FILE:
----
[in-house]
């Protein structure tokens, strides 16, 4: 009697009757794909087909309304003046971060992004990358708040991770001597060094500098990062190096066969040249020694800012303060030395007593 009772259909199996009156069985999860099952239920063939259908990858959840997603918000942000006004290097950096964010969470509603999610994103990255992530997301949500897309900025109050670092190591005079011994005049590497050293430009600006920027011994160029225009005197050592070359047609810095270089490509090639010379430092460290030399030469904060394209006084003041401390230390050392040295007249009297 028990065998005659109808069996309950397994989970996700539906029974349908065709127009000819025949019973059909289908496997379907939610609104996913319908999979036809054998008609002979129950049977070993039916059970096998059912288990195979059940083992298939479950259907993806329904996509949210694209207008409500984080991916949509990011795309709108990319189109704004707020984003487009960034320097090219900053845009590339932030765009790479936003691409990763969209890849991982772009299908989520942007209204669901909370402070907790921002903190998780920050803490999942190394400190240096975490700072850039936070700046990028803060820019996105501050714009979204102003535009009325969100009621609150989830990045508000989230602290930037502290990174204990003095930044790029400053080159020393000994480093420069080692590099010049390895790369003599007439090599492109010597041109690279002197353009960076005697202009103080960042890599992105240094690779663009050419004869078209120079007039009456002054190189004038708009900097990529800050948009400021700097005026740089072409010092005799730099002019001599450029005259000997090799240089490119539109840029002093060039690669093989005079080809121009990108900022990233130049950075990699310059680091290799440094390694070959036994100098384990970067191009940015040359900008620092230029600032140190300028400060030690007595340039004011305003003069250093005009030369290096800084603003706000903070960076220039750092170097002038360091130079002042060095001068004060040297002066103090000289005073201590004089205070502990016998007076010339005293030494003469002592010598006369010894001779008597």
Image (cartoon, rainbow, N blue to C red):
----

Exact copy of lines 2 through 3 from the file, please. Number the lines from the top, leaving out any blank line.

């Protein structure tokens, strides 16, 4: 009697009757794909087909309304003046971060992004990358708040991770001597060094500098990062190096066969040249020694800012303060030395007593 009772259909199996009156069985999860099952239920063939259908990858959840997603918000942000006004290097950096964010969470509603999610994103990255992530997301949500897309900025109050670092190591005079011994005049590497050293430009600006920027011994160029225009005197050592070359047609810095270089490509090639010379430092460290030399030469904060394209006084003041401390230390050392040295007249009297 028990065998005659109808069996309950397994989970996700539906029974349908065709127009000819025949019973059909289908496997379907939610609104996913319908999979036809054998008609002979129950049977070993039916059970096998059912288990195979059940083992298939479950259907993806329904996509949210694209207008409500984080991916949509990011795309709108990319189109704004707020984003487009960034320097090219900053845009590339932030765009790479936003691409990763969209890849991982772009299908989520942007209204669901909370402070907790921002903190998780920050803490999942190394400190240096975490700072850039936070700046990028803060820019996105501050714009979204102003535009009325969100009621609150989830990045508000989230602290930037502290990174204990003095930044790029400053080159020393000994480093420069080692590099010049390895790369003599007439090599492109010597041109690279002197353009960076005697202009103080960042890599992105240094690779663009050419004869078209120079007039009456002054190189004038708009900097990529800050948009400021700097005026740089072409010092005799730099002019001599450029005259000997090799240089490119539109840029002093060039690669093989005079080809121009990108900022990233130049950075990699310059680091290799440094390694070959036994100098384990970067191009940015040359900008620092230029600032140190300028400060030690007595340039004011305003003069250093005009030369290096800084603003706000903070960076220039750092170097002038360091130079002042060095001068004060040297002066103090000289005073201590004089205070502990016998007076010339005293030494003469002592010598006369010894001779008597």
Image (cartoon, rainbow, N blue to C red):